Follow these helpful tips to keep your pet happy and healthy all year long.
Brrrr, its cold outside. During the winter months, pets are susceptible to the frigid cold temperatures just like their owners. Follow these tips to keep your pet warm and healthy this winter.
• Wipe their paws. Walking in the neighborhood, a dog’s paws can pick up harmful chemicals from the ground such as antifreeze. The chemical is poisonous to pets and can cause severe harm when ingested. To avoid any injuries, wipe and clean their paws after the walk.
• Bring your pet inside. All animals are at risk during freezing weather temperatures, regardless of size or breed. During extreme weather situations, pets can freeze to death or experience hypothermia. Additionally, pets should not be left in a car during freezing temperatures.
• Limit time outdoors. Watch local weather reports for freezing temperatures. Also keep in mind, if it’s too cold for you, it is too cold for your pet. Consider putting a coat or sweater on your pet when outside.
• Keep your pet’s long coat. An animal’s coat is their main source for warmth, so avoid closely shaving your dog’s long coat. For short-haired breeds, consider using a sweater when outdoors.
• Reduce the amount of baths. Some shampoos can deplete a pet's coat’s natural essential oils, causing dry skin. Additionally, the chilly weather can increase a pet’s dry, flaky skin. After bath time, make sure to completely dry your pet before they go outside.
The scorching Texas heat can be life-threatening for pets and increase the chances of heat stroke. Follow these tips to keep your pet healthy during the summer months.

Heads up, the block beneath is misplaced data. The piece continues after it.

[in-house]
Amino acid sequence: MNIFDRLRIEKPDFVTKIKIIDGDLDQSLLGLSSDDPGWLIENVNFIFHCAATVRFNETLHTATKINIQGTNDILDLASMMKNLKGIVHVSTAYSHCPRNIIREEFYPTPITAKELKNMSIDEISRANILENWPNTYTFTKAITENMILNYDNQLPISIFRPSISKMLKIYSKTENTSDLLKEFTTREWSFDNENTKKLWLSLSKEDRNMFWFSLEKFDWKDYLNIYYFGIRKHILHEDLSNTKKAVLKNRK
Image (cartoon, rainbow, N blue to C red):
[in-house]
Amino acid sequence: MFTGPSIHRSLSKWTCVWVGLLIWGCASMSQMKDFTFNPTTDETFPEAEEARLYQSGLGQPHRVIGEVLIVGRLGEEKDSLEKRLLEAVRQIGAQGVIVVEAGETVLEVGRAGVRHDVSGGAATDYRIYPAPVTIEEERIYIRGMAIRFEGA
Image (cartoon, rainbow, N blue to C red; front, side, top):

• Unlimited access to fresh, clean water. During the summer months, pets will increase their intake of H2O to stay hydrated. Additionally, when a pet is outside, ensure they have a shady place to escape the sun’s rays.
• Go outside in the cooler hours of the day. Avoid walking a pet on hot surfaces, such as asphalt and concrete. Your pet’s paw pads can be damaged, which can hinder their walking.
• Don’t leave a pet in the car. A car’s inside temperature can quickly rise to deadly levels and leave your pet susceptible to heat stroke. Instead, leave your pet at home in the air conditioning while running errands.
• Keep flatter snout animals inside. Animals like pugs and Persian cats are more susceptible to heat stroke because they can’t pant effectively. Additionally, owners also should keep senior and juvenile pets inside in the air conditioning as well.
• Be mindful of garden and yard safety. Store lawn fertilizer and insecticides out of a pet's reach. When using lawn and garden products, follow pet-safety instructions. Avoid planting greenery and plants that are toxic to pets. See Toxic and Nontoxic Plant List.
Pet owners should immediately contact a veterinarian if they observe the following signs of a heat stroke:
- Excessive panting
- Abnormal gum and tongue color
- Excessive drooling
(Source: American Veterinary Medical Association)